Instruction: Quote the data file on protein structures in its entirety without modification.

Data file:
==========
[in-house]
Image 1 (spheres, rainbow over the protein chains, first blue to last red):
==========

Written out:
[in-house]
Image 1 (spheres, rainbow over the protein chains, first blue to last red):